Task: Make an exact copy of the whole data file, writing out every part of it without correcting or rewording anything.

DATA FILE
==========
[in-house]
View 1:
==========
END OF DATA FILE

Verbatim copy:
[in-house]
View 1: